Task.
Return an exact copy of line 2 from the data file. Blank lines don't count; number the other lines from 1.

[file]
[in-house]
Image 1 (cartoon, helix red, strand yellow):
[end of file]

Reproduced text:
Image 1 (cartoon, helix red, strand yellow):